US closes Indonesia consulate in wake of violent anti-US protests


An Indonesian member of Justice and Prosperous Party (PKS) tears a copy of the US during a protest against a low-budget US film insulting to Muslims outside the US embassy in Jakarta on September 19, 2012.


Adek Berry

The USA has temporarily shuttered its consulate in the Indonesian city of Medan as of Thursday morning, as anti-US protests centered around an offensive film ramp up in intensity. 

AP reports around 300 members of Islamic group Hizbut Tahrir Indonesia gathered around the Consulate early Wednesday, causing understandable concern to the workers inside. 

50 students promulgating Muslim views protested at the Consulate as well, marking a tense three days for American interests. 

Intense protests have also taken place in Jakarta, where on Monday, protesters and police fought with stones, tear-gas bombs, and Molotov cocktails in front of the US Embassy. 

Read more from GlobalPost: Indonesia: anti-US protests turn ugly

Although the Medan consulate will be shuttered Thursday, the Jakarta embassy and the US Consulate General in Surabaya will remain open.

The Jakarta Embassy's website states: "We advise, as always, that people should avoid large crowds and other gatherings that might turn violent."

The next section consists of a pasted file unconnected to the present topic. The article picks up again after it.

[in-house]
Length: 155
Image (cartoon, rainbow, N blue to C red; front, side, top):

The US response may also be linked to the violent demands of Abu Bakar Bashir, a radical Indonesian cleric who has called for violent terrorist responses, ala-Libya, to the controversial "Innocence of Muslims" film.

Bashir has been known for a long time for his radical opinions, and he has vocally voiced his support for now-deceased Al Qaeda figurehead Osama Bin Laden and the 2002 Bali bombings that killed 202.

Read more from GlobalPost: US diplomats destroy classified documents as anti-US protests spread through Muslim world

Bashi was jailed in June of last year for actively supporting a militant training camp, reports the BBC, but is quite capable of projecting his views to the outside world. 

Medan is the capital of North Sumatra, and is Indonesia's third-largest city.

Upswellings of popular sentiment against "infidels" appears to be on the upswing in Medan, notes this Jakarta Post piece on "anti-Kafir" sentiment in both the North Sumatran capital and in Jakarta.